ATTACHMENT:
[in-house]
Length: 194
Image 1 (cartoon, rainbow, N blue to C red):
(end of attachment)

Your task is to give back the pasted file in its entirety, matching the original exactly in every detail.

[in-house]
Length: 194
Image 1 (cartoon, rainbow, N blue to C red):